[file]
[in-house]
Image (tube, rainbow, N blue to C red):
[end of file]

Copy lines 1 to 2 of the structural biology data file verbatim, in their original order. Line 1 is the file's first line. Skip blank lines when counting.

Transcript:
[in-house]
Image (tube, rainbow, N blue to C red):